Larry's dragster, but by the following Wednesday we were back
at Fuller's shop making plans to build what would be known as
the Stellings-Hampshire Red Stamp Spl. The unpainted Stellings-Hampshire
debuted at Lions Drag Strip on November 8, 1963 and promptly
set low e.t. and top speed of the meet at 7.97-191.08. Before
the end of the year, we would hold the speed record at both Lions
(194 mph) and Fontana (197 mph). At the 1964 Winternationals,
the one won by Crossley-Williams-Swan, we set low e.t. of the
meet at 7.81. A few weeks later at the March Meet, we qualified
with a 7.97, defeated the '63 winner, Art Malone, in round #1,
but stumbled and lost to Hank Clark in the next round. At the
very next race, the West Coast Championships at Fremont, we set
top speed of the meet with a blistering pass of 203.16 and got
barely nudged out for low e.t. by Don Prudhomme (7.74-7.78).
The Stellings-Hampshire dragster was a magnificent race car.
It was beautiful, powerful, and so calm to drive. On October
18, 1964 at Fremont we set the Standard 1320 speed record for
AA/FD at 204.54. It was a record that would endure until Ted
Gotelli's driver, Denny Milani, ran 211.26 at Sacramento Raceway
in May 1965. In January 1965, the Winkle-Fuller-Trapp "Magicar"
was completed and ready to hit the drag strip. I turned over
the reins of the S&H Red Stamp Spl. to Big Bob Haines and
embarked on a new phase of my drag racing career.
on the return road at Lions Drag Strip; 1963.
Originally, this was Stellings-Graffio-Moody;
Jeep replaced Don, and it has been said, because the driving
compartment was getting a little tight for the "Mood".
Stellings-Hampshire vs. Greer-Black-Prudhomme;
note: Keith Black with his hands over his ears (background).
Stellings-Hampshire won the
Sunday portion of the UDRA two-day race at Lions Drag Strip May
17, 1964 (Warren-Coburn-Holloway won on Saturday); there were
close to 100 top fuel dragsters entered!! In Sunday's final,
he beat his ex-boss, Bill Martin, who had Ronnie's former partner,
George Bolthoff, at the wheel.
Fuller chassis; Arnie Roberts body; 398 cid Chrysler with Herbert
cam, Schiefer clutch and magneto, and Crager blower drive; Ramona
(San Diego County); 1964.
The caption to the cartoon
humorously said something to the affect that this is what makes
Sleepy Jeep run!
Staged shot of the
Stellings & Hampshire car at Pomona Raceway; 1964.
Larry Stellings (Schiefer
shirt), Jeep packing the chute, and Don Gaide; Puyallup WA, (summer
Ron Stender of S&S Photo
captured this magnificent shot of Jeep at Lions Drag Strip with
this wheels up launch.
Ronnie: In late 1964, Ed Pink and Lou Senter retired their
fabled Ansen-Pink car (originally, the car Don Prudhomme won
Bakersfield with in 1962). Ed was having Don Long build him a
new top fuel dragster and I was left without a ride. At the same
time, Sid Waterman needed a replacement driver for Ronnie Martin
who had broken his leg when he crashed the Waterman-Martin car
at Pomona. Sid got a lot of his parts from Reath Automotive in
Long Beach. Sid did not want the car to "sit" and asked
Del Reath to recommend a driver while Ronnie (Martin) was on
the mend. Del put in the good word for me and that is how the
Waterman-Hampshire team got its start. Winter in Southern California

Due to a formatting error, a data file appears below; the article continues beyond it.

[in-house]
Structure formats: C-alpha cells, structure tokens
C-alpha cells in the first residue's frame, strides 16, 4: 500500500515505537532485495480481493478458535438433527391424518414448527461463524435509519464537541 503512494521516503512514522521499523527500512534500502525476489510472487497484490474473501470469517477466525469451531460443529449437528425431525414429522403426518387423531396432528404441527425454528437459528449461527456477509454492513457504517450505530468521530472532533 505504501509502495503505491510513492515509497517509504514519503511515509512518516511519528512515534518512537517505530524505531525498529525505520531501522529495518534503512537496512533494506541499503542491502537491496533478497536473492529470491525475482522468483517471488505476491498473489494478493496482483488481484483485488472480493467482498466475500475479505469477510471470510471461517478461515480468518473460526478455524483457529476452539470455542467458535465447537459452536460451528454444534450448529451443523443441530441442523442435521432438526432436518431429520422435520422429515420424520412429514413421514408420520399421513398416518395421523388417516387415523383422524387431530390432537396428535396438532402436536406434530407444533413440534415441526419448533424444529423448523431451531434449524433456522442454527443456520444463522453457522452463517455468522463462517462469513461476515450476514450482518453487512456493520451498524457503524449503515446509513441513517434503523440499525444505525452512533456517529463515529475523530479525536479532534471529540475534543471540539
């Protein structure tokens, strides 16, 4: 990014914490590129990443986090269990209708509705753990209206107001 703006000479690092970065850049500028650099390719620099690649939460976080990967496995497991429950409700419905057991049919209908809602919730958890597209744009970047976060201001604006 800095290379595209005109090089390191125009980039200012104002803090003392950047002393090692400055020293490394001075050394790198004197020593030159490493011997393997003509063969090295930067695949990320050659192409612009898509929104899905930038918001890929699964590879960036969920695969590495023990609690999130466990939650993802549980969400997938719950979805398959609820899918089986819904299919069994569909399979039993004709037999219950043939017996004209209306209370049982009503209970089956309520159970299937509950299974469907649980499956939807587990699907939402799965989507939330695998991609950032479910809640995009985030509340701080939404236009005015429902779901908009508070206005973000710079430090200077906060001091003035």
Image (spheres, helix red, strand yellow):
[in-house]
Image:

was a great time to set records; cool, dry weather with hardly
any water grains in the atmosphere to replace the oxygen. Larry
Faust in the Mooneyham-Jackson-Faust A/FD had just set a new
Standard 1320 record of 7.53 at Lions. But, at Fontana on January
24, 1965 we set a new world record at 7.51 and backed it up with
a 7.62. One of the requirements for a 1320 record was to run
within 2% of the time at a second track. We went to Lions on
January 30, 1965 to officially set the record; all we needed
to run was 7.66. On the very first run off the trailer, we ran
7.57, the quickest time ever recorded at Lions Drag Strip. But,
on the back up run, a header bolt came out down track and I had
to click it early. Even though we did not get the record that
night, I became the permanent driver for the team. In early 1967,
Sid retired the car, but not before Sid Waterman, Bob Bradley,
and "The Hangman", had won many a top eliminator from
January 1965 through February 1967.
The Waterman-Hampshire chassis
was of a design that Roy Steen and Frank Huszar called the "Haze
Series". It accelerated over the first 300 feet so hard,
Big Bob Haines was heard to remark, "it doesn't cloud 'em,
just hazes 'em".
Waterman-Hampshire was a RCS
"legs underneath" powered by a 354 cid Chrysler with
a 5/8" stroker kit.
Tom Mitchell, Ron Martin,
Sid Waterman, Sam Nicolosi, Bob Bradley, and Ronnie "The
Hangman" Hampshire; Fontana Drag City, January 24, 1965.
This was the day the team set a new world record of 7.51, and
backed it up with a 7.62.
Ronnie Hampshire and Sid Waterman;
drivers knew they had become a star when they got a nickname:
Ronnie became "The Hangman" thanks to his buddy on
Ronnie leaving a wispy silhouette
of smoke behind; excellent visual evidence of the effectiveness
of this RCS design.
Again, look how hard the Waterman-Hampshire
car has left on the "Vipe"; who needs a Mongoose when
the Hangman 'is a hangin'.
Waterman-Hampshire at Fontana
Raceway; Ronnie preferred running on the outside part of the
lane where the "bite" was better; of course, the inherent
danger of this tactic was obvious (check out the direction of
the front wheels).
of Speet - Part 2
..............in the days
when a driver had to hold in the clutch with the left foot and
bring the rpms up with the heavier right one; big difference
from today's centrifugal clutch.